It was a weird time.
Like everyone else I was walking around my local neighbourhood, looking at the birds and the trees and the views like they had never existed before.
That my neighbourhood – like yours, I’m sure – has some genuine claims to being picturesque is neither here nor there. We all found something on which to fix our attention during our one legal trip outside.
I had various lessons in electronic music when I was studying composition but they always interested the problem-solving part of me rather than inducing any creative impulse.
During the initial burst of lockdown novelty and enthusiasm I tried to turn this situation around by taking a course on the software Logic with the Academy of Music and Sound. While the course had a rock/pop bias, I still took a great deal from the features that were mentioned almost in passing: the ability to tune MIDI instruments microtonally; ways of changing tempo instantly; the easy importation of files written in notation software. The course, and the situation, lit a creative spark unlike any of my previous lessons.
So, my partner and I were wandering round our bit of town after work hours, gazing at the views and so Forth.
Then outside of the walking and the work – and working on the release of the entirely acoustic Strange Machines CD – I would be making equally strange, entirely synthetic music, while trying not to be smothered by a luxuriant Swiss Cheese plant.
What struck me first is that some of the things that fascinate me about exploring time in instrumental music were almost too easy on the computer. Changing time suddenly is the basis of my piece Scaffold for Simon, for example, but doing so in Logic did not have the same effect, especially without the presence of Simon Roth’s artistry.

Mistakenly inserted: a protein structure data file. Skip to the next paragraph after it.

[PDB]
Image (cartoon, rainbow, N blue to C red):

There were lots of advantages to the process, though. The immediate feedback, the foreshortened distance between conception and its (hopefully) desired result. In particular it was a boon to use my comfort with notation software to transfer composed ideas straight into Logic. It felt like being given access to a whole new playground, something I think comes across on the album.
Still, it was not all plain sailing.
Once it was done I became immediately rather shy about it. It felt like releasing electronic music to the world should require a licence, like owning a gun, or certifying a boiler.
I thought twice about sharing the music with friends, even though, in the end, they were only supportive. It was a valuable lesson in what trying something new can mean on an emotional level. I doubt this album is up Adorno’s street but his idea of making ‘things in ignorance of what they are’ has always intrigued me.
Thankfully, too, I was able – with the help of the Sound and Music Seed Award – to get the album professionally mastered by the master masterer Simon Paterson. This put some of my novitiate fears at ease.
What, then, can I say about what I’ve produced? It is a melting pot of ideas, of busy and minimal musics, and of electronic and recognisable (if entirely synthetic) instruments. Your genre sensors may go a little haywire, with pop sounds put towards unusual purposes.
Above all, it is a document of an exploration, one that I will look to expand on in the future, though hopefully in less fraught societal circumstances.
MIDI Times & Spaces is released on 22 July 2021.